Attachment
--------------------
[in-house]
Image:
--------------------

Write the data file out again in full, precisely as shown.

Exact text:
[in-house]
Image: